Article
The purpose of the present paper is to test this premise of no positive obligations against a challenging critique that can be made of it. To wit, abandonment of babies. That is, does the mother who abandons her baby have the positive obligation to at least place it “on the church steps”, e.g. notify all other potential care givers of the fact that unless one of them comes forward with an offer to take in the infant, it will die? If so, then there is at least one positive obligation in the libertarian philosophy; if not, then, at least at the outset, the libertarian claim to be generally utilitarian must be greatly attenuated. At best, there would now be an exception to the previously impermeable principle of no positive obligations; at worst, one exception tends to leads another, posing the risk that the premise will be fatally compromised, which can undermine the entire philosophical edifice.
 
Article
Purpose – Aims to focus on air pollution as one of the environmental problems that tends to improve at higher income levels.Design/methodology/approach – The paper provides a combination of narrative with argument and analysis.Findings – Between the early 1970s and the mid‐1980s, air pollution in Japan, in particular that caused by sulfur dioxide (SO2), was reduced to a remarkable degree. This reduction resulted from responses to mounting civil protest: governmental regulation policy on the one hand, and innovation of abatement technology and energy efficiency on the other. In large Southeast Asian cities, despite rapid economic growth, air pollution is less severe than it was in Japan in the early 1970s. This is because both government and industry in Southeast Asia took early initiatives to prevent environmental degradation, learning from the experiences of developed countries.Originality/value – The conclusions drawn help in understanding the prerequisites for reducing CO2 emissions. If developed countries actually succeed in creating abatement technology for CO2, this will surely affect the development policy in developing countries.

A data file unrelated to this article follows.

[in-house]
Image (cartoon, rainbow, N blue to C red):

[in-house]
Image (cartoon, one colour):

Article
Purpose – The purpose of this paper is to empirically estimate the effect the costs of an abortion have on the supply of infants relinquished for adoption in the USA. Design/methodology/approach – This paper, using pooled time-series cross-section state data, over the years 1982, 1992, and 2000, empirically estimates an adoption supply equation based on the rational choice economic model of fertility. Findings – The empirical results find that increases in the price of an abortion and the enforcement of a Parental Involvement Law decrease the number of infants available for adoption in a state. States that do not fund Medicaid abortions do not have higher rates of infant relinquishment. Research limitations/implications – One implication of the results in this paper is that to have an abortion or relinquish an infant for adoption are not considered to be substitutes by women with unwanted pregnancies and that for poor women with unwanted pregnancies either an abortion or raising an infant is preferable to relinquishing an infant for adoption. It would be of interest to see whether comparable results occur in other countries which have changed their abortion policies. Originality/value – If the goal of society is to increase the number of adoptable infants, the conclusions reached in this paper suggest ways to accomplish this goal.
 
Total liquor consumption 2002-2006
Article